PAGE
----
The growth of Chartered and other overseas banks caught the eye of UK domestic banks. By now, the market at home had consolidated around five main banks. Previously cautious that “there would be something mildly improper about using their UK depositors’ money to fund lending in distant climes,” they began to revise their opinion.
But fortunes turned as the 1930s augured a collapse in international trade. Chartered Bank was additionally shut out of some of its core markets, in particular China, following political upheaval after the end of the Second World War. Retreating to Hong Kong, the bank managed to carve out a profitable niche. It increasingly dealt with local companies, rather than just British agency firms, and grew its loan book. To support its franchise, it later established a network of local retail outlets in order to accumulate local deposits. By the mid 1960s, Chartered Bank was adding branches at a rate of two or three a month. The success of its business in Hong Kong marked out a new future for the bank, no longer dependent on the traditional trade links of the Empire.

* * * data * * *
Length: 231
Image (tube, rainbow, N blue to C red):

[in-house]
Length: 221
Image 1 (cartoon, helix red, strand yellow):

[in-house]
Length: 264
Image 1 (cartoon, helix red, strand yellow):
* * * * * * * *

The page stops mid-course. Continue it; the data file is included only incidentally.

By the 1960s, most vestiges of the British Empire had faded. A devaluation of the pound ended its role as a reserve currency and led to the breakup of the sterling system that had underpinned the UK overseas banking model for years. Competition from US banks increased. In response, Chartered Bank merged with Standard Bank of South Africa to create a more global overseas bank with operations across Asia, the Middle East and Africa.